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Public Spheres within Movements: Challenging the (Re)search for a European Public Sphere


  • Christoph Haug


The emergence of a transnational public sphere in Europe is expected to facilitate democratic control and public debate about European issues as well as enable the formation of a European collective identity. Taking this claim seriously, though, reveals that empirical research has so far taken a rather restricted view on the European public sphere by assuming that the mass media constitute the core framework in the transnationalisation of the public sphere. This paper argues that such an approach reinforces the dominant ‘top-down’ perspective of EU institutions and should thus be complemented by including ‘lower’ levels of the public sphere in the analysis. Transnational social movements, for example, have often contributed to the diffusion of vital information across borders, thus creating public spheres ‘from below’. However, because of their capacity to mobilise public opinion across borders, social movements have mainly been seen as actors who are engaged in contentious debates within the given frameworks of communication, even though numerous public arenas are created also within social movements themselves. The paper suggest to link both fields of research by looking at the public spheres created within social movements, such as the European Social Forum. To facilitate such an approach the arena model of the public sphere is presented as a conceptual framework providing some clarity about the public sphere as a structured space of communication which comprises interlinked public arenas as well as private networks. As a result, Based on this distinction between two modes of communication, ‘publicness’ and ‘density’ can be distinguished as two parameters of a public sphere.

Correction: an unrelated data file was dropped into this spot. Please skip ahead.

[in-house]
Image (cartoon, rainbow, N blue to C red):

Suggested Citation

  • Christoph Haug, 2008. "Public Spheres within Movements: Challenging the (Re)search for a European Public Sphere," RECON Online Working Papers Series 2, RECON.
  • Handle: RePEc:erp:reconx:p0021

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    civil society; deliberative democracy; discourse; European public space; Europeanization; media; networks; participation; protest;

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